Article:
With its rooftop pig made of license plates and offset smoker out front, Top of the Hill Grill is easy to spot on the commercially dense road that is Route 9. Once you're there it turns into an oasis of rustic charm, with great views—particularly in autumn—of the natural beauty past the West River. You order from a window, they give you a playing card (mine was the Jack of Spades) and announce when your order's ready. You can then take it to the patio with open or covered outdoor tables, or to a heated indoor space further back. There's even an indoor bathroom in a separate structure.
The barbecue menu features pork ribs, pulled pork, brisket, burnt ends,
turkey and two kinds of sausage. Chicken is grilled. The boneless meats
can be had on a platter, a sandwich, a tortilla roll up.
But for an outdoor shack, the non-barbecue and non-meat options are myriad. There are a few burgers and patty melts. There's a turkey Reuben. Sliders include pulled pork, lamb, jerk chicken and Andouille sausage. Cajun selections include grilled catfish, Cajun rice, red beans and rice, gumbo and jamnalaya. In the mood for Mexican? There are tacos, fajitas, quesadillas, burritos and enchiladas. Vegetarian fare features tempeh (roll up, burrito, burger or over greens), roasted root vegetables, roasted or twice baked potatoes, black beans and rice, a grilled portobello and an entree-sized mac and cheese.
There's not much flexibility as printed on the menu, as the only combo lists two fixed meats, a third meat selectable from two choices, and two fixed sides, but for a $1 up charge you can swap in a different meat or side. I ponied up an extra $2 to get ribs, pulled pork and brisket with cole slaw and macaroni and cheese.
I stopped by solo for a Saturday lunch while passing through on an errand.
Athough I considered the chili, this was a quick stop, so no appetizers this time.
Ribs: St Louis cut pork ribs, ordered on a Combo platter (three meats,
slaw, beans and cornbread, $18.95), supplied a trio of diminutive bones
all shorter than 4 inches. Crust was adequately formed and bumpy;
color was just slightly pinker than monotone brown; moisture was just barely enough not to say they were dry. A few of the bites were a little on the cold side. I don't mean room temperature; I mean cold. Doneness was just about right. Though not smoky, they did taste smoked. All around flavor was lacking once you got below the sauce. All things considered, below average.
Brisket: Where do I begin? With the fact that it's deli sliced and oh so thin? That it's still refrigerator cold even after a 15 minute wait time? That it's pale gray? That the edges are both soggy and flabby? That it's lower on the flavor scale than the ribs? That it's dry? Let's just say this is bottom 10% brisket, but you probably already know that from the photos.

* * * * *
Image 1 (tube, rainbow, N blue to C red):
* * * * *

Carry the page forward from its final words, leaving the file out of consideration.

Pulled pork: Easily the best meat on the combo (that is, average instead of below average) and the only one that wasn't cold. Flavor was light in both porkiness and smoke, but texture wasn't so bad. The pieces were gentle without being mushy and the sauce worked well with it rather than looking like a failed attempt to hide things.
As far as I can tell, there's only one kind, draped liberally over all of the meats as standard practice. While I take issue with the practice, I have no issue with this sauce. Though a little ketchupy in the photos, it's a darker, not-too-thick, not-too-thin, tomato-based sauce with some surprising complexity. I wouldn't be surprised if I learned there was coffee or chocolate in there. It's sweet but savory at the same time. Probably my favorite item of the visit.
Cole slaw: Crunchy, yes. Flavorful, no.
Macaroni and cheese: Usually when macaroni and cheese is offered as an entrée size, it means there's effort and pride behind it. I was considering ordering the $7.95 portion, but was told I could swap in mac and cheese as one of my sides for one dollar, so I did that—less for the savings and more for the reduced portion commitment in case I didn't like it. This is a very cheesy, very baked-in rendition that reminded me of a Greek pizza. Not my thing, but it might be yours, so give it a try.
The service was quite friendly, and it was obvious that there's good camaraderie and teamwork going on.
The Bottom Line
The service and the space succeeded more than the food, but there's something
to be said for a view and a menu diverse enough to have something
for everyone. It's probably only for these reasons that I'd consider giving Top of
the Hill Grill another try someday.
Yelp reviews of Top of the Hill Grill
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